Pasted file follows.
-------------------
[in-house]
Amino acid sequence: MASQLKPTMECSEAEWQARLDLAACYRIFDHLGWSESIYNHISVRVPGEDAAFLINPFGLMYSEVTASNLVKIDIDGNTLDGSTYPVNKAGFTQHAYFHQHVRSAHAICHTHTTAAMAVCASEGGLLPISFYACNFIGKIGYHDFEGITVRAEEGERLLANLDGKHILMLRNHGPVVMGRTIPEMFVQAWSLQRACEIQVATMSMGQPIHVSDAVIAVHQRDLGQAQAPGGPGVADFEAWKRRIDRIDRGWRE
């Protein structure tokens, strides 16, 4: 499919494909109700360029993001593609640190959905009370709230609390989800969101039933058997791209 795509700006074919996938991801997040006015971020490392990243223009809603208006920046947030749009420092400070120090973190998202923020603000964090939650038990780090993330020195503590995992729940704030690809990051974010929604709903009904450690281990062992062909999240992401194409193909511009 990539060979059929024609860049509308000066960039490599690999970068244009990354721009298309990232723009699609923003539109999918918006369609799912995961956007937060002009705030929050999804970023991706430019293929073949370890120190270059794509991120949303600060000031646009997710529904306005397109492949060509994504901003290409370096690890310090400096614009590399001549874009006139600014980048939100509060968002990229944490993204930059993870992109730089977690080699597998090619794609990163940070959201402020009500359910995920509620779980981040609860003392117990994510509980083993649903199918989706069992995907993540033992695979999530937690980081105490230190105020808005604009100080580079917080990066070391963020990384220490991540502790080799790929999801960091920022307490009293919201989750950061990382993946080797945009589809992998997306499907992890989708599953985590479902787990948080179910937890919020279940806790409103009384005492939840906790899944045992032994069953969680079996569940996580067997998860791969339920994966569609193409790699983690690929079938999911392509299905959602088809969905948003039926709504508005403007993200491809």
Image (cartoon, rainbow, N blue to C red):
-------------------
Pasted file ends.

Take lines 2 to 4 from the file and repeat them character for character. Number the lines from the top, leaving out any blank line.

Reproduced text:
Amino acid sequence: MASQLKPTMECSEAEWQARLDLAACYRIFDHLGWSESIYNHISVRVPGEDAAFLINPFGLMYSEVTASNLVKIDIDGNTLDGSTYPVNKAGFTQHAYFHQHVRSAHAICHTHTTAAMAVCASEGGLLPISFYACNFIGKIGYHDFEGITVRAEEGERLLANLDGKHILMLRNHGPVVMGRTIPEMFVQAWSLQRACEIQVATMSMGQPIHVSDAVIAVHQRDLGQAQAPGGPGVADFEAWKRRIDRIDRGWRE
């Protein structure tokens, strides 16, 4: 499919494909109700360029993001593609640190959905009370709230609390989800969101039933058997791209 795509700006074919996938991801997040006015971020490392990243223009809603208006920046947030749009420092400070120090973190998202923020603000964090939650038990780090993330020195503590995992729940704030690809990051974010929604709903009904450690281990062992062909999240992401194409193909511009 990539060979059929024609860049509308000066960039490599690999970068244009990354721009298309990232723009699609923003539109999918918006369609799912995961956007937060002009705030929050999804970023991706430019293929073949370890120190270059794509991120949303600060000031646009997710529904306005397109492949060509994504901003290409370096690890310090400096614009590399001549874009006139600014980048939100509060968002990229944490993204930059993870992109730089977690080699597998090619794609990163940070959201402020009500359910995920509620779980981040609860003392117990994510509980083993649903199918989706069992995907993540033992695979999530937690980081105490230190105020808005604009100080580079917080990066070391963020990384220490991540502790080799790929999801960091920022307490009293919201989750950061990382993946080797945009589809992998997306499907992890989708599953985590479902787990948080179910937890919020279940806790409103009384005492939840906790899944045992032994069953969680079996569940996580067997998860791969339920994966569609193409790699983690690929079938999911392509299905959602088809969905948003039926709504508005403007993200491809």
Image (cartoon, rainbow, N blue to C red):